Finding Our Way to The Authentic
Welcome to the first issue in this series on the book: Seek. Adapt. Endure, Following the Way of The World's Most Authentic Man by Michael S. Sanders.
I'm a member of a Christian men's group in Kearney, NE. We're reading this book and going over it together as a group.
Reading is a chore for me. It's funny I run a newsletter in that context. Hopefully, reading and discussing with you will get me through. 😂
Like some, I read to learn things that will help me in life and business. Some would say this topic is the most important to discuss, so let's dive in.
I plan to share my take on the lessons learned from the book instead of a summary of the book itself. Feel free to grab the book yourself if you want to follow along.
Chapter 1 - Finding Our Way to the Authentic
First, Michael isn't calling himself the world's most authentic man in the book's title. Maybe that's clear for everyone else, but it threw me for a loop.
He's referring to Jesus as the world's most authentic man.
The idea is in the Christian story of creation, Adam acted passively compared to Jesus. Some have called Jesus the second Adam.
The second Adam, Hebrew for man, came to earth to set things right the first Adam couldn't do. Namely dealing with sin and creating a path for a relationship with God.
When dealing with humans, Jesus never took the easy way out. He could have used his God powers and skated through life. Instead, he chose to live the hard way.
Michael is inviting us to live the hard way too.
Living the hard way and pushing into challenges creates resilience, and to increase performance, we must master ourselves.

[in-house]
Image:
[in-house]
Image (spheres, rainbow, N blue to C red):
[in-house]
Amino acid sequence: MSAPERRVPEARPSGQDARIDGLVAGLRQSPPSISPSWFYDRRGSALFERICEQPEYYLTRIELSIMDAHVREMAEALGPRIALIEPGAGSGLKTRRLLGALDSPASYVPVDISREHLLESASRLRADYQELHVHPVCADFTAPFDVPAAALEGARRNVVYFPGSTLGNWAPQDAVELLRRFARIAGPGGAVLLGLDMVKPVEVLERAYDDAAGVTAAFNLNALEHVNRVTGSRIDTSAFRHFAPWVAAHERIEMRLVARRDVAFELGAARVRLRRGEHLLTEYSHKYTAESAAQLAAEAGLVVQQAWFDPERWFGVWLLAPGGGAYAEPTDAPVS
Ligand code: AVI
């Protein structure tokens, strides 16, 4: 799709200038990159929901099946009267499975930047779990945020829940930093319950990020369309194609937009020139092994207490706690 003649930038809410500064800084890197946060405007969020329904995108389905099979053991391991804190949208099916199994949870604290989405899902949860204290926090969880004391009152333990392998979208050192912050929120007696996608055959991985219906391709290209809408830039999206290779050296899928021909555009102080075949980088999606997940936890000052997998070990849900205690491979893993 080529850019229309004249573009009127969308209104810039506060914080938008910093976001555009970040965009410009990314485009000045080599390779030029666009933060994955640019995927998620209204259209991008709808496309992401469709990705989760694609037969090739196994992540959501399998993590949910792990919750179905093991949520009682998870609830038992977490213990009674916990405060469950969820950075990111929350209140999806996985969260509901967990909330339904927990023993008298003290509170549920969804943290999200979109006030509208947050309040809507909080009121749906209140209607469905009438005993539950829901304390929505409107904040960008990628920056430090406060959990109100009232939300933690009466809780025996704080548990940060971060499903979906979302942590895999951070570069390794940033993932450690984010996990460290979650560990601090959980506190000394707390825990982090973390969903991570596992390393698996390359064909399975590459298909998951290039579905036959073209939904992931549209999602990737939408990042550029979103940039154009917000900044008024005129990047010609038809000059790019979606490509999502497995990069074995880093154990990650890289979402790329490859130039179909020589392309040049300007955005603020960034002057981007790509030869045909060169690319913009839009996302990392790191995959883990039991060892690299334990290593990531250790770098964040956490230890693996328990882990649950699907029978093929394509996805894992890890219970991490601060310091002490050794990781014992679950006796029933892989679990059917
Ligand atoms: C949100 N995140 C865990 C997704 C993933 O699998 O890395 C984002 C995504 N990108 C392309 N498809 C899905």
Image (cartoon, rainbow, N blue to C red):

The world is full of easy ways out and half-rights. I touch on this in Will doing the Right Things cause Imposter Syndrome? The difference between the right thing and making things right.
Identity is a choice. What you identify yourself as has implications for your life. Michael encourages us to identify as Christians after Jesus' example.
Jesus, the man that never sinned, identifying as that means sin has no place in our lives. What do we do with sin that inevitably comes up? Face it.
Jesus didn't shy away from sin because he knew he was sin's master. He was sin's master because he was the master of himself.
He faced challenges, kept his eyes on the prize, and ran the race. I get the title now. Seek, adapt, endure. Seek out challenges, adapt by growing, and run the race.
Interesting topics for me. I'm leary of cliche-sounding Christian ideals because it's easy to seem cheap if you tweak the motivation slightly.
Being a good man or even a Godly man can quickly go from improving yourself to condemning the world full of the same people.
The world is full of things that seem wrong, and it never seems right to see things from other perspectives. But watering yourself down isn't the answer.
It's time to face things head-on and master ourselves, one step at a time.
I'll post any thoughts that stick out after our group's discussion. Be sure to share your thoughts as well.